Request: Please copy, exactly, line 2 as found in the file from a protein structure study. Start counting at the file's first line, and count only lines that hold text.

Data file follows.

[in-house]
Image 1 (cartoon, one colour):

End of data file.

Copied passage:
Image 1 (cartoon, one colour):